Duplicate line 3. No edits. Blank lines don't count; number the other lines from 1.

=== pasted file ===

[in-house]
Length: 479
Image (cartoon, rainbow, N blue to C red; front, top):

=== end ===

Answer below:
Image (cartoon, rainbow, N blue to C red; front, top):